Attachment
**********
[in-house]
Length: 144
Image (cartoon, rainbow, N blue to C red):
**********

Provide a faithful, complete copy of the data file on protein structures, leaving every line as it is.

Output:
[in-house]
Length: 144
Image (cartoon, rainbow, N blue to C red):